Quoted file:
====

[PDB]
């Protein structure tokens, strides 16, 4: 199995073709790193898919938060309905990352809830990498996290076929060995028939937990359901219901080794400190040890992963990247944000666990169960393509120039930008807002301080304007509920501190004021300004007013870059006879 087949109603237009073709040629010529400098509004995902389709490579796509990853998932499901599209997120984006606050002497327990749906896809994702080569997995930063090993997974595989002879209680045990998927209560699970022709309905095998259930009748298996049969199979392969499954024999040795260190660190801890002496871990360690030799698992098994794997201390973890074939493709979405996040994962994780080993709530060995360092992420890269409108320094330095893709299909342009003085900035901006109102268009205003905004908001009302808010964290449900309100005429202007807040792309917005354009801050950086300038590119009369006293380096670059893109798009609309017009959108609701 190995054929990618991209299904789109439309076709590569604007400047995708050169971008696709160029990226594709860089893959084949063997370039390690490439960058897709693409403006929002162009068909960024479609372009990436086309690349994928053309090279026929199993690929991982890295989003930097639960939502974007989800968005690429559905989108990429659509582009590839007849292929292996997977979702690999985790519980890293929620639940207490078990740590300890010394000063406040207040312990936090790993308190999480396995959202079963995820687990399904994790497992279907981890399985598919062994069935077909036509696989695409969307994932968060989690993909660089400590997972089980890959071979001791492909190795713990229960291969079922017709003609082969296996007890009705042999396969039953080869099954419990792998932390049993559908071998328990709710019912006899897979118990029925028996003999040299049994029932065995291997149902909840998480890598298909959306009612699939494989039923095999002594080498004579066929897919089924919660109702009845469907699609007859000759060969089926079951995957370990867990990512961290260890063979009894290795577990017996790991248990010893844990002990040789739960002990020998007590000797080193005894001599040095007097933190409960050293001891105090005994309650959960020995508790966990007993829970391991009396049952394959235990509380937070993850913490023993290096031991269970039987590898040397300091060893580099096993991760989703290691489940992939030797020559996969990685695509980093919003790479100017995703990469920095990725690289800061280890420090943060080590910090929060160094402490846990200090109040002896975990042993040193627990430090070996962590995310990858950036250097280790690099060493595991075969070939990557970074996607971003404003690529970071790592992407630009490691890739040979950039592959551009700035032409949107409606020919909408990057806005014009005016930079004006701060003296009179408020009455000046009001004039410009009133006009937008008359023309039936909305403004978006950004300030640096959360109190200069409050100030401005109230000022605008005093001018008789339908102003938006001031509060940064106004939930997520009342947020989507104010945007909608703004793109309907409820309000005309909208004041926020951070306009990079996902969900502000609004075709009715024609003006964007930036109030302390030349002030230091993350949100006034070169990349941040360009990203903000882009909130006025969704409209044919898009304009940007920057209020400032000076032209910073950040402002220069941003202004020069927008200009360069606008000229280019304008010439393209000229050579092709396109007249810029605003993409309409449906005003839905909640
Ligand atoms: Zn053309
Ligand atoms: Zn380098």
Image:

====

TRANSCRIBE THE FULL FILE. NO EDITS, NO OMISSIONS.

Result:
[PDB]
């Protein structure tokens, strides 16, 4: 199995073709790193898919938060309905990352809830990498996290076929060995028939937990359901219901080794400190040890992963990247944000666990169960393509120039930008807002301080304007509920501190004021300004007013870059006879 087949109603237009073709040629010529400098509004995902389709490579796509990853998932499901599209997120984006606050002497327990749906896809994702080569997995930063090993997974595989002879209680045990998927209560699970022709309905095998259930009748298996049969199979392969499954024999040795260190660190801890002496871990360690030799698992098994794997201390973890074939493709979405996040994962994780080993709530060995360092992420890269409108320094330095893709299909342009003085900035901006109102268009205003905004908001009302808010964290449900309100005429202007807040792309917005354009801050950086300038590119009369006293380096670059893109798009609309017009959108609701 190995054929990618991209299904789109439309076709590569604007400047995708050169971008696709160029990226594709860089893959084949063997370039390690490439960058897709693409403006929002162009068909960024479609372009990436086309690349994928053309090279026929199993690929991982890295989003930097639960939502974007989800968005690429559905989108990429659509582009590839007849292929292996997977979702690999985790519980890293929620639940207490078990740590300890010394000063406040207040312990936090790993308190999480396995959202079963995820687990399904994790497992279907981890399985598919062994069935077909036509696989695409969307994932968060989690993909660089400590997972089980890959071979001791492909190795713990229960291969079922017709003609082969296996007890009705042999396969039953080869099954419990792998932390049993559908071998328990709710019912006899897979118990029925028996003999040299049994029932065995291997149902909840998480890598298909959306009612699939494989039923095999002594080498004579066929897919089924919660109702009845469907699609007859000759060969089926079951995957370990867990990512961290260890063979009894290795577990017996790991248990010893844990002990040789739960002990020998007590000797080193005894001599040095007097933190409960050293001891105090005994309650959960020995508790966990007993829970391991009396049952394959235990509380937070993850913490023993290096031991269970039987590898040397300091060893580099096993991760989703290691489940992939030797020559996969990685695509980093919003790479100017995703990469920095990725690289800061280890420090943060080590910090929060160094402490846990200090109040002896975990042993040193627990430090070996962590995310990858950036250097280790690099060493595991075969070939990557970074996607971003404003690529970071790592992407630009490691890739040979950039592959551009700035032409949107409606020919909408990057806005014009005016930079004006701060003296009179408020009455000046009001004039410009009133006009937008008359023309039936909305403004978006950004300030640096959360109190200069409050100030401005109230000022605008005093001018008789339908102003938006001031509060940064106004939930997520009342947020989507104010945007909608703004793109309907409820309000005309909208004041926020951070306009990079996902969900502000609004075709009715024609003006964007930036109030302390030349002030230091993350949100006034070169990349941040360009990203903000882009909130006025969704409209044919898009304009940007920057209020400032000076032209910073950040402002220069941003202004020069927008200009360069606008000229280019304008010439393209000229050579092709396109007249810029605003993409309409449906005003839905909640
Ligand atoms: Zn053309
Ligand atoms: Zn380098």
Image: